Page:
Betting limits in Texas Hold’em Poker

There are three main styles of betting at poker:

1. Limit Poker
This style is played mainly in poker clubs and casinos in the US. Each round of betting is limited to an exact amount and the number of raises and re-raises is limited also. For example, if the limits were posted as $10/20, that would mean that the Blinds would be $5 and $10 and pre-flop you could only raise $10. When the flop appears, again, only bets of $10 and raises of $10 would be permitted. Following the turn and the river, these bets and raises would then be set at $20. You are not permitted to depart from this structure.

2. Pot Limit

This used to be the form most popular in European card rooms. The Blinds would be set and then the maximum bet possible would be the current value of the pot. If the Blinds were, say, $2 and $5, the first raise you could make would be $7. A subsequent re-raiser would then be able to bet $14 – the total in the pot so far. This meant that initial raises were quite small, but subsequent bets and raises could get very large. This allowed more players to stay in early on and see the flop, but allowed strong hands to drive out weaker players with big bets after the flop.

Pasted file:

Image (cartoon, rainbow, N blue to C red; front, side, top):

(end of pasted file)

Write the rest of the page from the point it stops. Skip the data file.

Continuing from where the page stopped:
3. No-Limit

Simply the best. Now, most people play No-Limit Poker in one form or another. This style allows you to bet whatever you like, at any time. If the Blinds are set at $2 and $5, you can push all your money into the middle on a whim. It allows you to exert maximum pressure on your opponents and can lead to huge swings and unbelievably tense decisions.

From the off, playing no-limit, one fact must remain at the forefront of your mind – this could be your last hand you could be wiped out completely. Every hand you enter must be done wisely, and with courage.

However, the guiding principle is that you can bet only the money that is on the table in front of you. You cannot reach down and suddenly produce more cash from a secret hideyhole. Equally, as with all forms of the game, you cannot be pushed out of a hand, just because you run out of money. Once you have all your money in a pot – you are all-in – you compete for that pot up to and including all the betting made untIl you went all-in. If other players continue to bet, they form a side pot of extra bets for which you are not competing. You remain however in the main pot and get to show your, cards if you have won.

Perhaps the best form of the game is No-Limit with a take-down option. This is proving popular in home games because it combines the excitement of No-Limit with a few prudent safeguards.

You buy-in for an agreed amount – let’s say $200 – and, if you win, you are then permitted to remove extra funds over and above that $200. If you are winning, you must keep at least your original stake in front of you to give the other players a chance to win it back. Of course, you can choose to sit out a few hands, or cash-in if you don’t want to play any more.

This is the style I recommend as it best combines all the great elements of Texas Hold ‘Em Poker.